Little Turtle

Little Turtle or "Michikinaquah" in the Illini tongue.
Little Turtle.jpg
This lithograph of Little Turtle is reputedly based upon a lost portrait by Gilbert Stuart, destroyed when the British burned Washington, D.C. in 1814.[1]
Chief of the Miami people
Personal details
Whitley County, Indiana, now United States
DiedJuly 14, 1812
Fort Wayne, Indiana, United States
Military service
AllegianceMiami people
Battles/warsNorthwest Indian Wars

Little Turtle, or Mihšihkinaahkwa (in Miami-Illinois) (c.1747—July 14, 1812), was a chief of the Miami people, and one of the most famous Native American military leaders of his time. Historian Wiley Sword calls him "perhaps the most capable Indian leader then in the Old Northwest."[2] Mihšihkinaahkwa led his followers in several major victories against United States forces in the 1790s during the Northwest Indian Wars, also called Little Turtle's War. In 1791, they defeated General St. Clair, who lost 900 men, the most decisive loss by the US against Native American forces ever.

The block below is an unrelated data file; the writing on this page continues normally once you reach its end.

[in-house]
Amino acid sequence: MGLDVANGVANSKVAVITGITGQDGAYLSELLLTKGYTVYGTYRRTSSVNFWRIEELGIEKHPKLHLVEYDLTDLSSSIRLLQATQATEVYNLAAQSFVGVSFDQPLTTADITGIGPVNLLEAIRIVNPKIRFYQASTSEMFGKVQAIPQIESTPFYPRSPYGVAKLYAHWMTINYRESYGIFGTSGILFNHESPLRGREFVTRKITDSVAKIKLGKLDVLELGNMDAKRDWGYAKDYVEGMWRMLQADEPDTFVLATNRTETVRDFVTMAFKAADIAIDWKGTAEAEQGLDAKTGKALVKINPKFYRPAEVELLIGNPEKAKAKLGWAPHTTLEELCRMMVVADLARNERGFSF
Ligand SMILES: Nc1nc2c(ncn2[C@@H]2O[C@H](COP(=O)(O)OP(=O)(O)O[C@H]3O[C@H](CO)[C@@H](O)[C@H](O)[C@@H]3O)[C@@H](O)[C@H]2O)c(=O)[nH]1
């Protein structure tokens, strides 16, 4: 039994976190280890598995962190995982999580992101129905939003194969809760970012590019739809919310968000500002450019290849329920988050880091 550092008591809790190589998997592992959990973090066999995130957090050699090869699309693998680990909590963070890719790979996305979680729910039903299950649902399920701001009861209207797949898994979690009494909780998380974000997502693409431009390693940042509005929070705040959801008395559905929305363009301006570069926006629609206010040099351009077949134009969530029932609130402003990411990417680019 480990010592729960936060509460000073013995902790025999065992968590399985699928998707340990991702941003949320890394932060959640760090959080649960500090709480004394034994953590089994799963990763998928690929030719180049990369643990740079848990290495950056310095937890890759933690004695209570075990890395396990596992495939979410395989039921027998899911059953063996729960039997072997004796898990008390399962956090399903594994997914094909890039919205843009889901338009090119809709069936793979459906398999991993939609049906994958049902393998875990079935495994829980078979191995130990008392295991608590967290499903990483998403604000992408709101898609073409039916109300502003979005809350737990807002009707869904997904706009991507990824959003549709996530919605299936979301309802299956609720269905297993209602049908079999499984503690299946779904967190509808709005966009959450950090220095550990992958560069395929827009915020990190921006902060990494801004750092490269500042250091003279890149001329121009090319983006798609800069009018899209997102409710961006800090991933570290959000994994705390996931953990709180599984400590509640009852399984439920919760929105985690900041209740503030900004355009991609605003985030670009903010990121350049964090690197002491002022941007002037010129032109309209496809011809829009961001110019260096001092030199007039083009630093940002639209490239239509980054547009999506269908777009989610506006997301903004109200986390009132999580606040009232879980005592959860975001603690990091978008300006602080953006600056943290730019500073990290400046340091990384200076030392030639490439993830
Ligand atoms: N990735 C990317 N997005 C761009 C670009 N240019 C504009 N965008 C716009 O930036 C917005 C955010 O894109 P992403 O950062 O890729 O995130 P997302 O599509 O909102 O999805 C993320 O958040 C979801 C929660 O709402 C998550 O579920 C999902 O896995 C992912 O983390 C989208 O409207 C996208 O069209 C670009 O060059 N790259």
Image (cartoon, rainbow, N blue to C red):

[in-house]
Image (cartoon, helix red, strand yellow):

In historic records, his name was spelled in a variety of ways, including Michikinikwa, Meshekunnoghquoh, Michikinakoua, Michikiniqua, Me-She-Kin-No-Quah, Meshecunnaquan and Mischecanocquah. Mihšihkinaahkwa is the correct phonemic spelling of the name in the Miami-Illinois language.


The name 'Little Turtle' is an English translation of his name in the Miami-Illinois language, mihšihkinaahkwa. In his language, the word names a species of terrapin, probably the Midland Painted Turtle. There is no diminutive on this name in the original Miami-Illinois.[3]

Other Languages
català: Little Turtle
Deutsch: Little Turtle
español: Michikinikwa
français: Michikinikwa
한국어: 미시키나카